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This year kept cybersecurity specialists busy and often staying up late. There were plenty of headlines and news stories that cybersecurity experts consider the most consequential of 2023. From significant ransomware attacks, AI-infused malware, state-sponsored mischief, evolving threats, and a raft of new and proposed legislation.

Last week, we looked at some of the top cybersecurity trends of 2023, and this week we’ll review the headline-grabbing stories from the past 12 months.

Artificial Intelligence

No discussion of trends or news stories in 2023 would be complete without including the mainstream arrival of artificial intelligence. While widespread use of AI by hackers didn’t materialize, hackers used AI to guess passwords by trying many different combinations. Hackers also used AI algorithms to automate attacks, increasing their speed, scalability, and sophistication. It was also used to create phishing and social engineering campaigns. AI-powered tools analyze vast amounts of data to develop personalized phishing emails, messages, and chatbots, making scams even more convincing.

Still, AI is also available to the “good guys,” and software and other AI-infused tools that mitigate some hackers’ AI advantages have begun to hit the market.

High-profile breaches

The year featured headline spotting breaches that captured the public’s attention and some that flew below the radar but were just as consequentialHere are some of the big ones of 2023:

MOVEit Transfer: This was, experts say, the most significant and most damaging breach of 2023. According to the most up-to-date statistics, the MOVEit Transfer breach has claimed more than 2,600 victim organizations, with hackers accessing the personal data of almost 84 million individuals.

Royal Mail hit by ransomware attack: The iconic postal service in the UK faced a crippling ransomware attack in March, disrupting international deliveries and raising concerns about critical infrastructure security.

The attack was linked to hackers based in Russia, but the UK rebuffed an $80 million ransom demand they dismissed as “absurd.”

Las Vegas casinos: Hackers played a royal flush when they shut down the Vegas strip, or at least parts associated with MGM casinos. Vox described ten days in September where everything from hotel room card keys to slot machines were offline. Even websites for its many properties went offline for a while. Guests found themselves waiting in lines for hours to check in and get physical room keys or handwritten receipts for casino winnings.

A group of loosely affiliated hackers in Europe and the USA known as Scattered Spider was believed to have been behind the attack.

23andMe data leak: The sensitive data of millions of genetic testing company customers was exposed online, sparking debates about privacy in the age of DNA analysis. Hackers stole the data of millions of users, while publishing the alleged data of one million of those users.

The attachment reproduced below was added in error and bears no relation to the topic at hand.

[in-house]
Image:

Geopolitical cyberattacks

Attack on water authority: Iran was behind several attacks in the U.S. One attack in particular was on a Pennsylvania water authority in the town of Aliquippa, which caused pumping water to stop for some time. Hackers took advantage of a vulnerability in programmable logic controllers made by Unitronics, which water-related enterprises use. A CISA advisory stated industries include “energy, food and beverage manufacturing, and healthcare.” The devices regulate processes such as pressure, temperature, and fluid flow.

Conflicts and disasters: Conflicts in Ukraine, the Middle East, and elsewhere continued to roil the cybersecurity landscape. Phishing attempts attached to wartime aid or efforts were common. Cyber criminals capitalized on the Maui wildfires to dupe people into donating to scam charities as well.

Critical U.S. infrastructure targeted: Microsoft issued a stark warning about potential cyberattacks from China targeting critical infrastructure in the U.S., further highlighting the geopolitical dimension of cybersecurity threats. The warning came after hackers breached Microsoft’s email platform and managed to steal tens of thousands of emails from the US State Department.

New security rules for datacenters: The UK government proposed stricter regulations for data centers, aiming to bolster national security and prevent misuse of sensitive information. Data centers operating in the UK will be required to have stricter security and resilience measures to protect against potential disruption. This includes cyber-attacks and extreme weather events.

What news stories will we talk about at the end of 2024? Buckle up, it promises to be another wild ride over the year ahead!

Photo: Billion Photos / Shutterstock

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Kevin Williams

Posted by Kevin Williams

Kevin Williams is a journalist based in Ohio. Williams has written for a variety of publications including the Washington Post, New York Times, USA Today, Wall Street Journal, National Geographic and others. He first wrote about the online world in its nascent stages for the now defunct “Online Access” Magazine in the mid-90s.

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